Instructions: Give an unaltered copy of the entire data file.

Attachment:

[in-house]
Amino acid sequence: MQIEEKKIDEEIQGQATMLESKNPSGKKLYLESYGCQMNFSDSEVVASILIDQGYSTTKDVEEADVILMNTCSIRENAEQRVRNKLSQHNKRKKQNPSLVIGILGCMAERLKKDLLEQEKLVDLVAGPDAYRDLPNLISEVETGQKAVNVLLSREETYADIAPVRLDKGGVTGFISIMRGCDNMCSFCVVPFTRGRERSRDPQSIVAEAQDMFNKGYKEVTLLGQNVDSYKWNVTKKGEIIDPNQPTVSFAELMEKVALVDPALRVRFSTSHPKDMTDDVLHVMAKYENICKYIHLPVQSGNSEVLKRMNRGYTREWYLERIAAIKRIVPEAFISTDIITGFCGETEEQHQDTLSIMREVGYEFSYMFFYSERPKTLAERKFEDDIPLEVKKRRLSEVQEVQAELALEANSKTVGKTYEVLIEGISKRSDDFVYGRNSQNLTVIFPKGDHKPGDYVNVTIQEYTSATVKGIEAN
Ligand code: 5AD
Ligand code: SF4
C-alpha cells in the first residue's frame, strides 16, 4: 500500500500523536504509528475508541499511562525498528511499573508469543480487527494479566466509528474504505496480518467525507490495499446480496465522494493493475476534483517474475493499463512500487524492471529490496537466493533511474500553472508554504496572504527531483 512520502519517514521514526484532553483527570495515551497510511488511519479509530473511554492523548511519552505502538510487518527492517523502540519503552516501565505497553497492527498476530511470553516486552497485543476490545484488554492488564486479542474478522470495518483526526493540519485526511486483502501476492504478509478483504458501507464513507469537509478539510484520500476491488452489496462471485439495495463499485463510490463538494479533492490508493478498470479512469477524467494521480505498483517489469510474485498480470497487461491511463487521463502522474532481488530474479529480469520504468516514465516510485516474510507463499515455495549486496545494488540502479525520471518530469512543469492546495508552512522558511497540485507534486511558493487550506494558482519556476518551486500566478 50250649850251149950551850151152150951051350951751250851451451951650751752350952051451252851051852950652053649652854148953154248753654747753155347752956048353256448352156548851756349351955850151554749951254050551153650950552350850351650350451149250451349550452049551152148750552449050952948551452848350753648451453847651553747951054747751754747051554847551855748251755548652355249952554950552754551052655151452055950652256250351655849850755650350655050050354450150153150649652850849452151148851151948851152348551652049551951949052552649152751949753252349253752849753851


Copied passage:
[in-house]
Amino acid sequence: MQIEEKKIDEEIQGQATMLESKNPSGKKLYLESYGCQMNFSDSEVVASILIDQGYSTTKDVEEADVILMNTCSIRENAEQRVRNKLSQHNKRKKQNPSLVIGILGCMAERLKKDLLEQEKLVDLVAGPDAYRDLPNLISEVETGQKAVNVLLSREETYADIAPVRLDKGGVTGFISIMRGCDNMCSFCVVPFTRGRERSRDPQSIVAEAQDMFNKGYKEVTLLGQNVDSYKWNVTKKGEIIDPNQPTVSFAELMEKVALVDPALRVRFSTSHPKDMTDDVLHVMAKYENICKYIHLPVQSGNSEVLKRMNRGYTREWYLERIAAIKRIVPEAFISTDIITGFCGETEEQHQDTLSIMREVGYEFSYMFFYSERPKTLAERKFEDDIPLEVKKRRLSEVQEVQAELALEANSKTVGKTYEVLIEGISKRSDDFVYGRNSQNLTVIFPKGDHKPGDYVNVTIQEYTSATVKGIEAN
Ligand code: 5AD
Ligand code: SF4
C-alpha cells in the first residue's frame, strides 16, 4: 500500500500523536504509528475508541499511562525498528511499573508469543480487527494479566466509528474504505496480518467525507490495499446480496465522494493493475476534483517474475493499463512500487524492471529490496537466493533511474500553472508554504496572504527531483 512520502519517514521514526484532553483527570495515551497510511488511519479509530473511554492523548511519552505502538510487518527492517523502540519503552516501565505497553497492527498476530511470553516486552497485543476490545484488554492488564486479542474478522470495518483526526493540519485526511486483502501476492504478509478483504458501507464513507469537509478539510484520500476491488452489496462471485439495495463499485463510490463538494479533492490508493478498470479512469477524467494521480505498483517489469510474485498480470497487461491511463487521463502522474532481488530474479529480469520504468516514465516510485516474510507463499515455495549486496545494488540502479525520471518530469512543469492546495508552512522558511497540485507534486511558493487550506494558482519556476518551486500566478 50250649850251149950551850151152150951051350951751250851451451951650751752350952051451252851051852950652053649652854148953154248753654747753155347752956048353256448352156548851756349351955850151554749951254050551153650950552350850351650350451149250451349550452049551152148750552449050952948551452848350753648451453847651553747951054747751754747051554847551855748251755548652355249952554950552754551052655151452055950652256250351655849850755650350655050050354450150153150649652850849452151148851151948851152348551652049551951949052552649152751949753252349253752849753851